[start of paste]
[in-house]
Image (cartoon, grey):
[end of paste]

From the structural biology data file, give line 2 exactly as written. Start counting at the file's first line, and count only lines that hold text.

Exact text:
Image (cartoon, grey):